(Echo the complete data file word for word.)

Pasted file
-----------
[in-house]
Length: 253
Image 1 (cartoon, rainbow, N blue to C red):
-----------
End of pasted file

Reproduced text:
[in-house]
Length: 253
Image 1 (cartoon, rainbow, N blue to C red):